Was there something specific that inspired you to write this book or was it something that you knew you always wanted to do?
When I came to live in England, I realised my childhood had been very different from that of most of the people I came across. My studies in sociology also made me extremely aware of the importance of stability in family life. The idea of writing about it was partly triggered by a Cambridge lecturer. He seemed so impressed about my early life that he suggested I should write a book about it, commenting that it would make a change from all the usual memoirs of well-known people who seem to resort to memoir writing from positions of privilege. The suggestion stayed in my mind and when I started attending writing classes I received very good feedback on my efforts. I was also spurred on by Frank McCourt’s Angela’s Ashes , which contained many echoes of my own life. I thought it would be interesting to record similar themes from a female perspective.
Did the process of writing bring back memories that had remained buried for many years?
Writing about one’s family is always difficult, especially when writing about the less attractive aspects. Family members often have different perspectives on their early lives. My sister and one of my brothers are okay about me writing this book – as far as they are interested – but my younger brother has reservations and thinks I am doing my parents a disservice. He hates the idea of washing the family’s dirty linen in public. The real difficulty was in trying to paint a fair and accurate picture of my father, for whom I always had a great affection despite his flaws. Perhaps, had he not been alcoholic and had he taken more responsibility for his large family, our lives might have been less deprived. I would never have published this during my parents’ lifetimes. In a way I have attempted not to denigrate family members, and throughout have always wanted the reader to know that we were a product of a society and an environment in which many families strived hard to survive.
Memories were resurrected during the writing and I was always surprised at how the particular events unfolded themselves as I wrote. I cried many tears as I recalled various sad events, but was also reduced to laughter at some of the humour I managed to convey. This memoir flowed out of me almost of its own accord. Memories less well-defined nibbled at the edge of my consciousness and once I started writing they became clearer.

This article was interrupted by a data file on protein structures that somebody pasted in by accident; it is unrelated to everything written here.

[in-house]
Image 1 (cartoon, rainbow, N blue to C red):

How different is the Dublin of today to the Dublin of your childhood?
Dublin and indeed Ireland is another country from the one I knew as a child. Growing affluence and the loosening of the hold of the catholic church have left their marks. It is now a modern city with little of the poverty and deprivation that we experienced. In the circles in which we moved, everyone was poor –– no one was well-fed or dressed. Married women churned out unplanned (and in many cases unwanted) children almost annually. The unemployment rate was high with little in the way of state-provided safety nets. There was a culture of heavy drinking, especially amongst males and wife beating was common. Married women were baby-producing machines, and their acceptance of their lot – for the most part – went unquestioned. If they found any solace at all it would have been in their strong catholic faith.
The lives of working and non-working families today bears no comparison life 50 years ago. The state now steps in to help where there is no father, or a neglectful father. This applies in Ireland as well. Birth control has had enormous impact in improving the lives of women, albeit that this was somewhat delayed in Ireland. Children are now protected from the worst ravages of poverty and poor parenting. Changing attitudes also makes it easier for women: they are neither forced by the church nor state to live with abusing partners and divorce and separation is now a way out. The clergy had enormous influence on everyday family life: there were no situations were divorce or separation would be sanctioned. Faith in God was paramount and burdens were expected to be shouldered through prayer and religious devotion.